Xinjiang Kashi Yecheng County Song and Dance Ensemble, China

The ensemble was first founded in 1954 with the original name of the Yecheng County Art Troupe in northwest China’s Xinjiang Uygur Autonomous Region. It was renamed in 1993.

Highlights include Yecheng Uygur Har-Goolun mountain songs and dances, Yecheng Uygur folk songs. Varying from other folk songs, Xinjiang people, especially the herdsmen, sing among the mountains using their dialect.

The lyric is not fixed, which singers usually sing freely and passionately in a blunt and unsophisticated way. It could be solo, duo or chorus.

Congo Folk Art Ensemble, Democratic Republic of Congo

Founded in 2008, the African Congo Folk Art Ensemble was formed by folk art aficionados.

They play the djembe, a rope-tuned skin-covered goblet drum and can even sing some Mando-pop songs.

The ensemble previously performed in the city during the 14th Shanghai International Arts Festival in 2012 and 2011 Shanghai Happy Valley Beer Festival.

This year they plan to reproduce scenes from the 2010 World Cup in South Africa through dancing and singing.

Thornhill Scottish Country Dancers, United  Kingdom

Thornhill is a small rural village located in the heart of Dumfries and Galloway, Scotland.

Formed in 1987, the group now has 60 members ranging from 11 to 40 years old although most are college and high-school students.

The troupe’s program consists of reels, jigs and strathspeys, as well as ladies step dances and a men’s highland sword dance.

They have toured Indonesia, Malaysia, Belgium and other countries.

The group has an adult and youth team, which have both won awards at various festivals.

Activity schedule

• October 15


Special performance at Cultural Center

(Team A: Israel, Poland, Russian, Sri Lanka; China’s Xinjiang team)

Special performance at Zunmuhui Plaza

(Team B: Hungary, South Korea, New Zealand, Slovakia)

Special performance at Gaojing Plaza

(Team C: Brazil, Indonesia, Serbia, Scotland)

• October 16


Gucun Town Special Minor Festival (Team A)

Special performance at Cultural Center (Team B and China’s Xinjiang team)

Zhangmiao Sub-district Special Minor Festival (Team C)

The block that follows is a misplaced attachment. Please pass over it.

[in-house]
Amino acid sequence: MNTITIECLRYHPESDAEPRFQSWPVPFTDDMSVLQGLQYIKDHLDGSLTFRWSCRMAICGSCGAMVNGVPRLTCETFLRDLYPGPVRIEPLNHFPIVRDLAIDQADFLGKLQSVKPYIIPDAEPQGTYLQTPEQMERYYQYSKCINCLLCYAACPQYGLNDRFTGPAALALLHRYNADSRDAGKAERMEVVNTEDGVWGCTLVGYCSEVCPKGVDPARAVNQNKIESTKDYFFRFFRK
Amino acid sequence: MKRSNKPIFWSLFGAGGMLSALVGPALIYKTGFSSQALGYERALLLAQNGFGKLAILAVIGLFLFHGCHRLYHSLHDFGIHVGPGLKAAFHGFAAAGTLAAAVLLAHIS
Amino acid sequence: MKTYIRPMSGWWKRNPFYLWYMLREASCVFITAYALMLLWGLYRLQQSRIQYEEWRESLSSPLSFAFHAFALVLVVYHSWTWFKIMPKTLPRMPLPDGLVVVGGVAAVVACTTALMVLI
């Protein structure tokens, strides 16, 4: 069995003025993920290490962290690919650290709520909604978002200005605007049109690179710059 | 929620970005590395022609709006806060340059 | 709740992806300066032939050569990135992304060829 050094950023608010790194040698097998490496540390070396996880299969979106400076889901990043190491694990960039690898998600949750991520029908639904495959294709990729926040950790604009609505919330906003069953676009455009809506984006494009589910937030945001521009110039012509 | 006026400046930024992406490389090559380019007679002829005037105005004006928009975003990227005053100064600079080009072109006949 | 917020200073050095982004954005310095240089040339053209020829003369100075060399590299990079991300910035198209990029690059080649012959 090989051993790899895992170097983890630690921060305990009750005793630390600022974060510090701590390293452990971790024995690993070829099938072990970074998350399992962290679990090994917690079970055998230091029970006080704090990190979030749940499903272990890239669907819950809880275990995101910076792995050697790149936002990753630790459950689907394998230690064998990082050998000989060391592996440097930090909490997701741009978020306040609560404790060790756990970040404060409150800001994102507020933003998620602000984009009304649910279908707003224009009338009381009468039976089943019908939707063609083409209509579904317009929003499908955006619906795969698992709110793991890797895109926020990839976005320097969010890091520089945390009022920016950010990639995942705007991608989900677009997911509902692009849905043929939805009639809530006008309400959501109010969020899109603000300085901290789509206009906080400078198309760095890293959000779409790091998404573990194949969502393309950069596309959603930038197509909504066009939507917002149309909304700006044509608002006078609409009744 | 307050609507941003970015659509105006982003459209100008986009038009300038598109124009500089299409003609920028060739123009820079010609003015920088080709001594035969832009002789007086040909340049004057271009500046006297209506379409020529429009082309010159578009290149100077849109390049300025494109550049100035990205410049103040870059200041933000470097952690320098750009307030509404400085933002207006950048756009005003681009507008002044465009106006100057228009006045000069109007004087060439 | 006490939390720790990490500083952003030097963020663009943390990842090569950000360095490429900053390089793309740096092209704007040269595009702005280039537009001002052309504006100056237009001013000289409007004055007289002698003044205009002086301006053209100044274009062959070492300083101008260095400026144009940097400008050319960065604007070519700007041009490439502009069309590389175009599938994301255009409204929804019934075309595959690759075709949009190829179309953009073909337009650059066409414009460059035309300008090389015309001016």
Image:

Special performance at Shanghai Ganglian E-commerce Holdings Co Ltd (Team C)

Luojing Town Special Minor Festival (Team B)

Special performance at Zunmuhui Plaza (Team A)

• October 17


Opening ceremony at Baoshan Sports Center


Welcoming activities for Chinese and foreign teams

• October 18


Happy Fellowship Activity on Campus

New Zealand Maori Culture Exhibition


Special performance at Cultural Center (China’s Xinjiang team)

Special performance at Meilan Lake (Hungary, South Korea, Slovakia, Scotland, Brazil)

Special performance at Wanda Plaza (Poland, Russia, Sri Lanka, Indonesia, Serbia)

• October 19


Daily performance at Nanjing Road (Team B)


Special Performance in Qingpu Cultural Festival (Hungary, New Zealand)

Team Activity Day & Household Life Experience (Team A and Team C)


Special performance at Meilan Lake (Team A)

Special performance at Wanda Plaza (Brazil, Scotland and China’s Xinjiang team)

Yanghang Town Special Minor Festival (Indonesia, Serbia, South Korea, Slovakia)

• October 20


Youyi Sub-district Special Minor Festival (Team C and China’s Xinjiang team)


Yuepu Town Special Minor Festival (Team A and Team C)

Team activity day & household life experience (Team B)


Special performance at Fengxian Theater (China’s Xinjiang team)

Special performance at Wanda Plaza (Team B)

Special performance at Cultural Center (Team A)

• October 21


Miaohang Town Special Minor Festival (Team A)

Luodian Town Special Minor Festival (Team B and China’s Xinjiang team)

Special Performance at Cultural Center (Team C)


Special performance at Fudan University (Team A)

Special performance at Fengxian Theater (Team B)

Special performance at Shanghai University (Team C and China’s Xinjiang team)

• October 22

Sightseeing in Shanghai (Team A, B, C and China Xinjiang’s team)


Closing ceremony activities